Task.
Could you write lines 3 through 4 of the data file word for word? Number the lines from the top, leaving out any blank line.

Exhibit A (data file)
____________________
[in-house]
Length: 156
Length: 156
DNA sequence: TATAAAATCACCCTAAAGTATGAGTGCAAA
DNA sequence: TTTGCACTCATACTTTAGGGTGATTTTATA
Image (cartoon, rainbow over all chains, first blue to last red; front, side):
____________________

Length: 156
DNA sequence: TATAAAATCACCCTAAAGTATGAGTGCAAA